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if you multiply all the points by one you get the same points so the shape stays the same.

Q: In maths how do you enlarge a shape by the scale factor of 1?

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When a shape is enlarged, the scale factor tells by how much to multiply each length of the original shape to get the corresponding length on the new shape. So with a scale factor for 0.5 (or 1/2), each length of the new shape is 0.5 (or 1/2) times the lengths of the original shape. For example, to enlarge a triangle with sides 6", 8", 10" by a scale factor or 0.5, the lengths become 6" x 0.5 = 3", 8" x 0.5 = 4", 10" x 0.5 = 5"; so the resulting triangle has sides 3", 4", 5". To do the enlargement through a centre of enlargement, a straight line is drawn from each point (vertex) of the shape to the centre of enlargement. The distance from the centre to the point is measured and multiplied by the scale factor; this new distance is measured along the same line from the centre of enlargement as the original point. In this case, negative scale factors can be given, in which case the new distance is measured in the opposite direction from the centre of enlargement, away from the original point.

You calculate the scale factor if you do have a scale is by dividing if it is a small shape to a large shape and multiplying if it is a large shape to a small shape example: shape 1 sqaure shape 2 square equation 2 10 10/2=5 shape 2 square shape 2 square equation 10 2 2/10

If you increase a shape by a scale factor of 2, you double the height and double the width. If you increase a shape by a scale factor of 3, you treble the height and treble the width. If you are interested in doing this mechanically, use a pantograph.

It is a smaller shape on the other side of the centre of enlargement.

A face value in maths is the out-side of the shape, as to say the face of a shape. The face value is the sides of a shape.

Related questions

No a scale factor of 1 is not a dilation because, in a dilation it must remain the same shape, which it would, but the size must either enlarge or shrink.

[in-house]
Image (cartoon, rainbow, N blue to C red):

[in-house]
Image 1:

A similarity transformation uses a scale factor to enlarge or reduce the size of a figure while preserving its shape. It includes transformations such as dilation and similarity.

1 shape cannot have a scale factor. A scale factor is something (a factor) that relates one shape to another.

Enlargement is when you make a shape or number larger. If you have a number that you would like to enlarge you can make a sum out of it.

When a shape is enlarged, the scale factor tells by how much to multiply each length of the original shape to get the corresponding length on the new shape. So with a scale factor for 0.5 (or 1/2), each length of the new shape is 0.5 (or 1/2) times the lengths of the original shape. For example, to enlarge a triangle with sides 6", 8", 10" by a scale factor or 0.5, the lengths become 6" x 0.5 = 3", 8" x 0.5 = 4", 10" x 0.5 = 5"; so the resulting triangle has sides 3", 4", 5". To do the enlargement through a centre of enlargement, a straight line is drawn from each point (vertex) of the shape to the centre of enlargement. The distance from the centre to the point is measured and multiplied by the scale factor; this new distance is measured along the same line from the centre of enlargement as the original point. In this case, negative scale factors can be given, in which case the new distance is measured in the opposite direction from the centre of enlargement, away from the original point.

Divide The Little Shape By The Big Shape ,

mesure the distance from the point to a corner, then keep going for distance * scale do it for each corner

A scale factor greater than 1.

You calculate the scale factor if you do have a scale is by dividing if it is a small shape to a large shape and multiplying if it is a large shape to a small shape example: shape 1 sqaure shape 2 square equation 2 10 10/2=5 shape 2 square shape 2 square equation 10 2 2/10

If the scale factor between two shapes is 1, the shapes are congruent.

When enlarging a shape through a centre (O in this case, which is the usual letter of the origin for x/y axes) measure the distance from each point on the shape to the centre of enlargement, multiply it by the scale factor to get the new distance and then (keeping the measuring device, eg ruler, still) measure the new distance from the centre.By having a scale factor the exact size of the image is known; andby having a centre of enlargement the exact position of the image is known.Note: When the scale factor is negative, the distances will change sign and so be measured in the opposite direction.So in this case, the following will happen:. . . . . . . . . . . . . . . . . . . . . .. . . ./\ . . . . . . . . . . . . . . . . .. . . / .\. . . . . . . . . . . . . . . . .. . ./__\ . . . . . .O . . . \ . . ./. .. . / . . .\. . . . . . .* . . . \--/. .. ./. . . . \ . . . . . . . . . . .\/ . . .. / . . . . .\. . . . . . . . . . . . . . .. . . . . . . . . . . . . . . . . . . . . .Where the A shape on the left becomes the (smaller) upside down A on the right when enlarged with a scale factor of -Â½ and centre O.(You'll have to excuse the ASCII graphics for not complete accuracy.)

The scale factor a shape and its image is the constant of proportionality (ratio) between the lengths of their corresponding sides.